8. 82 acres of land purchased with bonds for recreational and cultural use off Central Boulevard owned by Palm Beach County is being considered in consort with some 35 acres of adjacent city owned land for said stadium complex. When did the City Council publicly discuss purchase of the County land for a stadium complex?
9. I believe the City is declaring “confidentiality of records” under Florida Statute 288.075 F.S., which exempts 119.07 (1) F.S. and Article I of the State Constitution, the Sunshine Law. I would argue that Section 288.075 is not pertinent to the stadium complex issue. However, that debate is now not necessary because…
a. In 288.075 F.S. section (2) Plans, Intentions, and Interests, paragraph (b) states “… in this state is confidential and exempt from s. 119.07 (1) and s. 24 (a), Art. I of the State Constitution for 12months after the date an economic development agency receives a request for confidentiality or until the information is otherwise disclosed, whichever comes first”.
b. The City and the Houston Astros’ owner, Mr. Jim Crane, have been both been publicly vocal about their Plans, Intentions, and Interests and according to reports the City was contacted about this stadium complex over 18 months ago.
10. In a recent mailing I received thanking me for my attendance at the October 16th presentation it states “the City has no future public meetings planned”. Hopefully, there are no private meetings planned. I strongly urge the City Council to hold an advertised Public Hearing very soon to announce to their intentions concerning this massive stadium complex development. The residents deserve to know your policy positions both individually and collectively.
These are just a few of the many questions that have been raised. There will be many more.

Comprehensive Planning Questions
1. Does the City of Palm Beach Garden’s Comprehensive Plan consider, recommend, or speculate that a stadium complex of the magnitude and massiveness that is being considered should be located in the city?
2. Regardless of how well planned and built a stadium complex may be, or how many safeguards are promised or legislated to protect the neighbors, if it’s located in an area of the city that is not appropriate, the question remains how does a stadium complex enhance the quality of life for the immediate neighborhoods and for all of the residents of Palm Beach Gardens?
3. The land under consideration for this stadium complex is in the middle of predominately planned residential neighborhoods, in close proximity to the City’s tennis complex, and very near the desirable and first rate educational facilities, known as Timber Trace Elementary School and Watson B. Duncan Middle School. 82 acres of the site under consideration is land purchased by the County for cultural and recreational considerations. Those considerations could, would, and should blend and harmonize with the existing residential neighborhoods. Will a stadium complex of the magnitude proposed stretch those considerations beyond their limitations?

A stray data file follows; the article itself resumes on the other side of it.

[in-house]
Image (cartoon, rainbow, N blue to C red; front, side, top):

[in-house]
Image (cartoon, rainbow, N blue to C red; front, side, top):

4. With existing development already in place in this general neighborhood, development approved but not yet built, and future considerations for development under the guidance of the City’s existing comprehensive plan, is it not questionable whether this same neighborhood can handle the stress of a massive stadium complex?
5. Recently the State Department of Transportation reported that an interchange to I-95 is being considered in the same general neighborhood of the proposed stadium complex which further complicates an already complex situation. Should this interchange not be planned and coordinated with a regional approach to the vehicular traffic needs generated by all the existing and planned growth for this area of the city? If the stadium complex becomes a reality should its traffic consequences not be a part of this conversation?
6. As suggested by the stadium complex site plans and information presented at the public presentation on October 16th I question the planning for traffic concerns in the immediate area and neighborhoods. I also am not satisfied with, or perhaps I did not fully comprehend, the City’s approach to alleviating the regional traffic concerns this major addition to this area of the city will cause.
7. Traffic performance standards will be further taxed by the year-round use and magnitude of this stadium complex. As the City requested and the County granted when the Mirasol Development was approved, traffic performance standards may have to be suspended, waived, or ignored at many of the city’s major intersections. PGA Boulevard and Military Trail is only one example.